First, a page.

Congen Aragon expressed thanks to the city and officials of Carson and all those responsible for making the project a reality. She noted that it took all of eight years to arrive at that moment in time and she touched on the special significance of the occasion for her because the following day she was scheduled to relinquish her post for reassignment to the home office in Manila. She intoned that “before I leave Los Angeles as consul general I bear witness to the unveiling of the Rizal monument” after which Mayor Dear and Community Library Manager Leticia Tan, a Filipina, were requested to come over to accept a few copies of donated books about FilAms in Carson.
Congresswoman Richardson commented about how the generations yet to come would benefit from knowing about the history and good works of Rizal. She will be filing a resolution in Congress to declare October Filipino American History Month, she informed.
Congresswoman Hahn likewise congratulated all those responsible for the historic event and said that the significance of Rizal is not just for the Philippines but for the U.S. as well. Rizal will forever remind us to strive for peaceful resolutions of conflicts, she said.
In her keynote speech, Chairperson Diokno saluted the Filipino community for uniting and successfully coming up with the monument. She cited some highlights in the life of Rizal and at one point mentioned that being a humble guy, he would not have approved of the grand scheme were he around today.
Other parts of the program were the entrance of colors, the singing of the national anthems of the USA and the Philippines by the Immaculate Heart of Mary Children’s Choir, an invocation by Rev. Thomas Naval, a message by Tom Rodriguez of the Knights of Rizal and remarks by Chito Mandap of the Jose Rizal Monument Movement.
Hollywood thespian Dante Basco read Rizal’s poem, A La Juventud Filipina, and another work of the hero, “My Last Farewell,” was given stirring performance by Teddy Ortega of the reenactment group. Emcees of the program were Janelle So and Alex Cainglet. Chairpersons for the historic event were Mayor Dear, Councilman Elito Santarina, Chito Mandap and Antero Pagunsan.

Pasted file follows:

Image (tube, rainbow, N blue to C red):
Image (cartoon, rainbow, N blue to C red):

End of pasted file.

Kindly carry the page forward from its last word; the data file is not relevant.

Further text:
A Glimpse at Greatness
From his bio we learn that Jose Rizal wrote a Tagalog poem, “Sa Aking Mga Kabata,” when he was eight years old and had an AB degree (sobresaliente) at 16. At age 17 he passed the Surveyor’s examination and was conferred the degree of Licentiate in Medicine at 23 by the Universidad Central de Madrid. In 1885, at the age of 24, he finished a course in Philosophy and Letters with highest honors.
A polymath, he was an artist who dabbled in painting, cartoons, sketching, sculpting and woodcarving; a prolific poet, journalist, novelist, an architect, businessman, educator, economist, agriculturist, ethnologist, historian, inventor, musician, mythologist, nationalist, naturalist, ophthalmic surgeon, propagandist, psychologist, theologian, scientist and sociologist. He was also a polyglot, conversant in twenty-two languages and native dialects; an expert swordsman and a good shot.
He preceded Gandhi and Sun Yat-sen in the art of political agitation. Many of his writings dealt on nationalism and zeroed in on the arrogance and abuses of the Spanish colonizing regime and the friars who controlled much of politics and society during that time in Philippine history. The “Noli Me Tangere” and “El Filibusterismo” particularly gained the ire of the church and Spanish authorities prompting his incarceration in Fort Santiago. Later he was exiled in Dapitan where he continued to engage in peaceful activities benefiting the people.
In 1896 the revolutionary movement in the country was getting to be a serious threat to the occupying regime and it didn’t take them long to link Rizal to it. In November of that year he was back in a prison cell at the fort. Convicted of trumped-up charges, Dr. Jose Rizal met his martyrdom in Bagumbayan (now Luneta Park, Manila) soon after.